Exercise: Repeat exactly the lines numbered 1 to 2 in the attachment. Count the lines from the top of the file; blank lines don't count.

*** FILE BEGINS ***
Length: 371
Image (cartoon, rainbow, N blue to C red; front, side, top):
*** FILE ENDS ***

Length: 371
Image (cartoon, rainbow, N blue to C red; front, side, top):